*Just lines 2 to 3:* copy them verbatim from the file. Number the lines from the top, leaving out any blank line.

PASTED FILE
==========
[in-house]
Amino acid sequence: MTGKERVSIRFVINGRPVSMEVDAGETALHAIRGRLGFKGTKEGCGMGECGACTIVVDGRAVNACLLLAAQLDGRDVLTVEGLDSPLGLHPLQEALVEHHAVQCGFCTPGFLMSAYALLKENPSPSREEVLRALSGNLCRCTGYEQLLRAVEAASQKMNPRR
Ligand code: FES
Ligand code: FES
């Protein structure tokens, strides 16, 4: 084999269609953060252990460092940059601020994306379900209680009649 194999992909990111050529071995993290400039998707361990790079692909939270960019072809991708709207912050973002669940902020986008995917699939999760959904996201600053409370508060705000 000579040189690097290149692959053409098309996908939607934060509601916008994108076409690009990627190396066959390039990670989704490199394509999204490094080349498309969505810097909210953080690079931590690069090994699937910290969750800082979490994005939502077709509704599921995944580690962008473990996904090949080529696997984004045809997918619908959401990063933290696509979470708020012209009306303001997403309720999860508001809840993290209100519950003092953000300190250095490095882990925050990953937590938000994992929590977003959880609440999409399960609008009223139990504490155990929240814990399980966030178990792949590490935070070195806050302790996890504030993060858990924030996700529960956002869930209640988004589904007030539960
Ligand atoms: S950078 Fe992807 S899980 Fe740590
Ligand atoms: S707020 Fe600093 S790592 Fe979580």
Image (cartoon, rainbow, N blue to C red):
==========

Amino acid sequence: MTGKERVSIRFVINGRPVSMEVDAGETALHAIRGRLGFKGTKEGCGMGECGACTIVVDGRAVNACLLLAAQLDGRDVLTVEGLDSPLGLHPLQEALVEHHAVQCGFCTPGFLMSAYALLKENPSPSREEVLRALSGNLCRCTGYEQLLRAVEAASQKMNPRR
Ligand code: FES